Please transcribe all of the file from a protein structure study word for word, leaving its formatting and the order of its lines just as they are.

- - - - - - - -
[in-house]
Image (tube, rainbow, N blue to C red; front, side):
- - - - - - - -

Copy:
[in-house]
Image (tube, rainbow, N blue to C red; front, side):